In considering love this week, I’ve thought a lot about what love in action might look like. I was reminded of a friend I knew a few years ago. He was pretty hit and miss in his church attendance. He would not have been able to deliver his testimony from the front of church. He did not know his Bible inside out. He did not have all the right answers. But he did know the names of all the children in the Primary School where he was the Head. He did show an interest in every individual he met. He would do anything for anyone. He never had a bad word to say about anyone.

I remember one night at house group, we were talking about discipleship and David said –

“I’m not sure I know exactly what discipleship is, but I do get out of bed every morning and say ‘I wonder how I can love as Jesus loved today’. Is that what you mean?”

David died very suddenly in his mid forties and at his funeral, the church was overflowing with individuals from all walks of life whose lives had been touched by this extra special man and his extraordinary love.

And then just last week, I attended a retirement ‘do’ for the tutor of  my Living Theology Today course in Durham. He had tutored the course for ten years, each year welcoming in a new set of students and walking with them through their head and heart journey of faith and discovery. When I received the invitation, I knew I had to go, but was concerned that there would be no one else there from my course. How wrong I was. The room was full of people whose lives had been changed by this man. Everyone was there because they wanted to testify to the difference that this one man had made to their faith and life.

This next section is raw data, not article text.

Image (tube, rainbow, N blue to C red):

But Jim is not a loud, confident, charismatic individual. He is the epitome of ‘unassuming‘. He is reserved and shrinks from the limelight. He hates being the centre of attention and does not stand out in a crowd. His knowledge of theology is extensive and deep and yet he values fresh insights from much less learned individuals like myself. His love is patient, gentle and kind. He seemed overwhelmed by the good wishes of us all, as if surprised that he had had an impact on so many lives.

Of course, the very best example of love in action that has ever lived is Jesus himself. Look for love in his every action. Look for love in his every word. Love is there to be found in all that Jesus did and said.

He did not heal the sick to show how spiritual he was.

He did not turn water into wine to prove a point.

He did not pick these particular disciples to make himself look good.

He did not cast out demons to prove how much God was using him.

He did not tell parables to get in with the in-crowd.

He did not walk on water to impress.

He did not calm the storm to gain respect.

He did not feed the five thousand to become popular.

He did not wash the disciples’ feet to make people look up to him.

It was all out of love. Love for his followers. Love for the sick. Love for the lost. Love for God. In Jesus, we find a kind and compassionate love. A love that cares and meets needs. A love that nurtures, cherishes and forgives. A love that is patient and humble.

 

Let us be inspired and challenged by love in action.

 

Let us learn to say with my friend – ‘I wonder how I can love as Jesus loved today’.